To determine whether exposure to antiepileptic drugs during pregnancy is associated with poor fetal outcomes (anomalies and death) and to assess the relative risks with phenobarbital, phenytoin sodium, and carbamazepine.
The design was a prospective case-control cohort study of pregnant women with epilepsy and their offspring. Outcomes were compared with those of a control group of 355 healthy women and their offspring.
The obstetrics service at Los Angeles County/University of Southern California Medical Center, Los Angeles, a large, inner-city, teaching hospital.
Two hundred eleven subjects who were pregnant during the years 1987 through 1990,174 of whom were delivered of infants, were available for analysis. A control group of 355 healthy women and their offspring from the same hospital were randomly selected from a computerized database.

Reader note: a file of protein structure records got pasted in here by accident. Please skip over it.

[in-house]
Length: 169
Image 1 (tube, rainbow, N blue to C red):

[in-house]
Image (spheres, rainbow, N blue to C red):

Main Outcome Measure:
Anomalies and fetal death were the primary outcome measures.
Offspring of women with epilepsy who were exposed to antiepileptic drugs had a higher rate of fetal death and anomalies than did the control population (P=.001). Abnormal outcomes were associated with the three major antiepileptic drugs (carbamazepine, phenytoin, and phenobarbital). In terms of abnormal outcome (death and anomalies), phenobarbital was associated with the highest relative risk, phenytoin with intermediate relative risk, and carbamazepine with the lowest relative risk (P=.019). Numbers were insufficient for assessment of risk associated with valproic acid.
All three major antiepileptic drugs (phenobarbital, phenytoin, and carbamazepine) are associated with an increased risk of fetal death and anomalies. We found phenobarbital to be most associated with poor pregnancy outcome.